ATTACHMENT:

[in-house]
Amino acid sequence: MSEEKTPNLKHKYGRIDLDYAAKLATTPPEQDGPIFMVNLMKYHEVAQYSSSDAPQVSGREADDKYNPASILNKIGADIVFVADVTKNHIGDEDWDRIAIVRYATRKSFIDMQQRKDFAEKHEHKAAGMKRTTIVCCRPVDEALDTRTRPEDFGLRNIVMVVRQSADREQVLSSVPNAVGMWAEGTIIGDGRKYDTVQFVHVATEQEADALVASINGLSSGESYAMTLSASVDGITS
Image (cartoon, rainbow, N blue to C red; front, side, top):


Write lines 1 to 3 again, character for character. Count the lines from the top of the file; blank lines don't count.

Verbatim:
[in-house]
Amino acid sequence: MSEEKTPNLKHKYGRIDLDYAAKLATTPPEQDGPIFMVNLMKYHEVAQYSSSDAPQVSGREADDKYNPASILNKIGADIVFVADVTKNHIGDEDWDRIAIVRYATRKSFIDMQQRKDFAEKHEHKAAGMKRTTIVCCRPVDEALDTRTRPEDFGLRNIVMVVRQSADREQVLSSVPNAVGMWAEGTIIGDGRKYDTVQFVHVATEQEADALVASINGLSSGESYAMTLSASVDGITS
Image (cartoon, rainbow, N blue to C red; front, side, top):